Here’s a shocker: Cleopatra wasn’t beautiful. Her nose was too long, her chin too strong. But she was one smart first century bc cookie, who spoke eight languages and managed Egypt’s government and economy for two decades. Stacy Schiff’s dazzling, meticulous biography, Cleopatra (Little, Brown), reclaims the queen from myth and gives her back her brain.
Yes, she hosted lavish dinners and romanced Julius Caesar and Mark Antony, but Cleopatra was no slut, contrary to what history and Hollywood would have us believe. She exploited her sexuality—her liaisons saved Egypt from Rome’s domination—but also made other shrewd political maneuvers, such as strategically lending out her fleets and revaluing the country’s currency to stabilize the economy. Schiff wryly notes that the queen also had her royal siblings killed, a standard gambit showing that Cleopatra “faithfully upheld the family tradition but was, for her time and place, remarkably well behaved.” When she ran out of power plays and Rome conquered Egypt, she swallowed poison. The tale of her suicide by asp is mere fable, evoking a malicious link between snakes and sneaky women that goes back to Eve. Who needs legends anyway when the real Cleopatra was a fearless, bejeweled Wonder Woman come to life?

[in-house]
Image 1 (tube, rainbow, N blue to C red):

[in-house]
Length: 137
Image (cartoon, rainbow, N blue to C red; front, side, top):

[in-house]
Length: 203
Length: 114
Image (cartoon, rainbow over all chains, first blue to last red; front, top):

Originally published in the November 2010 isssue of More.